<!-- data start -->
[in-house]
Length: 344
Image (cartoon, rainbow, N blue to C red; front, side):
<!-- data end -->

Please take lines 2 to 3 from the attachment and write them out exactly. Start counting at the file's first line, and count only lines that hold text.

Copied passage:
Length: 344
Image (cartoon, rainbow, N blue to C red; front, side):